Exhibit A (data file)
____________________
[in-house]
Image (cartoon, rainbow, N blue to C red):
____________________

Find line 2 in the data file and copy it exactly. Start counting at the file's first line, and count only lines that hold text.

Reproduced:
Image (cartoon, rainbow, N blue to C red):